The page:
The Collaborators: Three Stories of Deception and Survival in World War II
By Ian Buruma.
Penguin Press, 2023.
Hardcover, 320 pages, $30.

Ian Buruma published The Collaborators: Three Stories of Deception and Survival in World War II early last year. The University Bookman contributor JP O’Malley caught up with Mr. Buruma to discuss the writing of his latest book.

After the Second World War, a special court was established in the Netherlands to deal with cases of betrayal and Nazi collaboration. Among the 150,000 suspected collaborators awaiting trial in jail was a Hasidic Polish-Dutch Jew, the economist Friedrich Weinreb. In May 1947, Weinreb was sentenced by the special court to six years in prison for masterminding a fraudulent scheme that promised thousands of Dutch Jews an escape route from Nazi persecution. 

For a large fee, Weinreb claimed he was able to arrange special trains that would take Jews from Nazi occupied Holland to France first, and eventually to neutral countries like Switzerland and Portugal. Seat numbers were allocated. Departure times were announced. Secret meetings were even held to discuss living arrangements once these Jews landed in their respective countries of safety. The exact timeline of when the fictitious train scheme began is unclear. But it is most likely that thousands of Dutch Jews signed up for it sometime in late 1941 at Weinreb’s address near The Hague, and at various addresses in The Hague, Rotterdam, or Amsterdam.

Weinreb even claimed the scheme “was sponsored by a humane high-ranking Nazi officer named Herbert Joachim von Schumann,” Ian Buruma, an acclaimed Dutch intellectual, writer, and editor explains from his home in New York. “But it was all an illusion and most of the people who gave Weinreb money ended up in death camps,” says Buruma, whose father worked as a defense lawyer in the special court dealing with Nazi collaboration in postwar Holland.

“Several Jewish witnesses [in the case] convinced the prosecutor, P. S. de Gruyter, that Weinreb’s fraud was more serious than a simple scheme to enrich himself,” Buruma writes in The Collaborators, published earlier this year. “The swindle, in the prosecutor’s view, cost lives because people’s trust in Weinreb prevented them from finding other means of escape,” says Buruma who compares Weinreb to other famous fraudsters, such as Bernard Madoff. 

The Dutch writer, who regularly contributes to The New Yorker and whose previous books include The Churchill Complex (2020) and A Tokyo Romance: A Memoir (2018), gleans much of the details pertaining to Weinreb’s wartime swindling operation in the Netherlands from a report published in 1976 by the Dutch National Institute for War Documentation (now the NIOD Institute for War, Holocaust and Genocide Studies). Buruma quotes occasionally too from Weinreb’s memoirs, including Collaboration and Resistance (1971)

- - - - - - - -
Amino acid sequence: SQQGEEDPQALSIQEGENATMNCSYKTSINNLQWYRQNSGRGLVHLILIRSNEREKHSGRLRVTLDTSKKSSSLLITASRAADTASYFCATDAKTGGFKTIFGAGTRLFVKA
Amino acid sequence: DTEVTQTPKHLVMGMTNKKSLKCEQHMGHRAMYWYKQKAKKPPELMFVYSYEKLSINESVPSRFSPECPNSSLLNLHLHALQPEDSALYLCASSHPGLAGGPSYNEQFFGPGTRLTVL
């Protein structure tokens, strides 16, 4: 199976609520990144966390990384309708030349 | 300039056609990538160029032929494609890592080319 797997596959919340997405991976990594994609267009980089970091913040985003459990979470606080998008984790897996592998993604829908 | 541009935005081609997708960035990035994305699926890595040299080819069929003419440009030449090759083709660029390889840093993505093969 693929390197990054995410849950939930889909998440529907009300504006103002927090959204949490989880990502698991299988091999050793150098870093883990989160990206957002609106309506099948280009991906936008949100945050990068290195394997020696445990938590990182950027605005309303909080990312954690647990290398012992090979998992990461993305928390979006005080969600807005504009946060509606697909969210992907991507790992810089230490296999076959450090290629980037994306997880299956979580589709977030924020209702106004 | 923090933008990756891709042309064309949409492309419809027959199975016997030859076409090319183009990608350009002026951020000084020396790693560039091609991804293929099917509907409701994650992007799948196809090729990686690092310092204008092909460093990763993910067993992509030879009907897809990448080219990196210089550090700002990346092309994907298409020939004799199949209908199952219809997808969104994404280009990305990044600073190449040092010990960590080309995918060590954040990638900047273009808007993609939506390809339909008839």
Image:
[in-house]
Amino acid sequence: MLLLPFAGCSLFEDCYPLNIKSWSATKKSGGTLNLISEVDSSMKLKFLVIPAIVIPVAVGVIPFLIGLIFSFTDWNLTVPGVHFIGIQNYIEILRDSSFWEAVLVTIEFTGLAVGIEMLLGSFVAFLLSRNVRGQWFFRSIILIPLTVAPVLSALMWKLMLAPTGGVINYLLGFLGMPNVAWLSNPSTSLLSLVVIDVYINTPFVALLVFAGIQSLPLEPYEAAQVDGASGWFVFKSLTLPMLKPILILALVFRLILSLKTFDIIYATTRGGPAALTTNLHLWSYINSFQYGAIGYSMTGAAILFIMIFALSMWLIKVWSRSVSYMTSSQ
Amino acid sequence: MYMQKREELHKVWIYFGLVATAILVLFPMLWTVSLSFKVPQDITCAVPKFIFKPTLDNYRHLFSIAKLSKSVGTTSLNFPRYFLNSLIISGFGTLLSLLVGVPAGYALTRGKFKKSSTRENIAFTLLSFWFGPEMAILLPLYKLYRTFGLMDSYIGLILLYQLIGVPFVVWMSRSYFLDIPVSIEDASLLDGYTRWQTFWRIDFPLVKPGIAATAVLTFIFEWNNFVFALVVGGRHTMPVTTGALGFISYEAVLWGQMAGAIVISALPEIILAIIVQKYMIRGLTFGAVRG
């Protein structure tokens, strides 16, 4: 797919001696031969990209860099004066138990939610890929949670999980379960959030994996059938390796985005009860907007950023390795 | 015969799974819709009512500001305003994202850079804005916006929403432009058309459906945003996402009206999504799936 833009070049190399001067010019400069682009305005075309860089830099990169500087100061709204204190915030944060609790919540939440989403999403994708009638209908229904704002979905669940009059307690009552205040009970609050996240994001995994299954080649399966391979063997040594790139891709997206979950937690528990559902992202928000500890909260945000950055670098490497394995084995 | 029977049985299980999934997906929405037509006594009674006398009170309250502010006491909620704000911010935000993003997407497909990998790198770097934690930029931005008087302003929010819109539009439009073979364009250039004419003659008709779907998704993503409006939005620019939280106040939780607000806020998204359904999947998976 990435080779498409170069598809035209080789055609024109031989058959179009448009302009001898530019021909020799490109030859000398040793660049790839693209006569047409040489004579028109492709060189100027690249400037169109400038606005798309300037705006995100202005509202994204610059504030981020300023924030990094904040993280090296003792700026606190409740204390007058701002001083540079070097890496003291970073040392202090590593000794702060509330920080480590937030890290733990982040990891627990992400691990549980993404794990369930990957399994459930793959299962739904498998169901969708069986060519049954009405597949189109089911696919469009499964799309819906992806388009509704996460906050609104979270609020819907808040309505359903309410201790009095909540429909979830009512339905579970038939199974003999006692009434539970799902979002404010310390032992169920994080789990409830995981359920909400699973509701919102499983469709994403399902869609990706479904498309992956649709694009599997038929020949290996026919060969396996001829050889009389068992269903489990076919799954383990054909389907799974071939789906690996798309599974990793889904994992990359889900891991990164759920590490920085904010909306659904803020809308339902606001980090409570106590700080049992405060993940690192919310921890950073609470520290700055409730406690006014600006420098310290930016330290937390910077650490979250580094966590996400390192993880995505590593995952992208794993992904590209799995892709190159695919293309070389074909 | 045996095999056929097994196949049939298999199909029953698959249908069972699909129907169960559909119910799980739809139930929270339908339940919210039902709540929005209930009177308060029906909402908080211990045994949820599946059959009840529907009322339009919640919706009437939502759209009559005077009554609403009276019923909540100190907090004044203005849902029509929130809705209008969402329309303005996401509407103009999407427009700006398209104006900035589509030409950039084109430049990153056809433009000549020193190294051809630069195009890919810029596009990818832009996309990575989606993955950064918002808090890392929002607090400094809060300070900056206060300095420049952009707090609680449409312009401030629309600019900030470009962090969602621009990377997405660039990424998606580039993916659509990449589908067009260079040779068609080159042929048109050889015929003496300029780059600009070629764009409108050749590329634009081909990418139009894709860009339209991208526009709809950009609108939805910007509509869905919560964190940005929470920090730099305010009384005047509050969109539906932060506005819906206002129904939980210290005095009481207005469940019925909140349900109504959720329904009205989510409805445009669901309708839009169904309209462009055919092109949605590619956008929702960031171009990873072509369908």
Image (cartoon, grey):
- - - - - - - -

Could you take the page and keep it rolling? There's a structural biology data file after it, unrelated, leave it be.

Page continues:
Weinreb’s war record by the National Institute for War Documentation (RIOD), for instance, concluded that at least twenty-​two people lost their lives because of Weinreb’s spying activities for the Nazis. One witness quoted in that same report claimed he had “no doubt Weinreb had been used by the SD to pump fellow prisoners for information and was sure that Weinreb betrayed many Jews who were in hiding.” 

The collaborator was eventually brought to Westerbork, a transit camp in Holland that transferred Jews to death camps in Poland. There he was given an office and could enter and leave the camp whenever he felt like it. Weinreb knew there was no Jewish resistance network, but he decided to play for time until he could devise an alternative scheme. “But we must not forget that Weinreb and his family, as Jews, were always in mortal danger,” says Buruma. “One of his children, David, for example, died of pneumonia in [Westerbork].”

Weinreb used his contacts in the Nazi hierarchy to survive the Holocaust. He managed to flee from Westerbork (when exactly it’s not entirely clear) after securing a meeting with the wife of Franz Fischer, an SS officer in Holland. In 1948 Weinreb’s six-year prison sentence was halved after he received a pardon in honor of the jubilee celebrations for Queen Wilhelmina of the Netherlands. The controversy surrounding Weinreb’s wartime swindling operation, and further allegations against him, did not end there though.